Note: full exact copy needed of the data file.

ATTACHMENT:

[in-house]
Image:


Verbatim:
[in-house]
Image: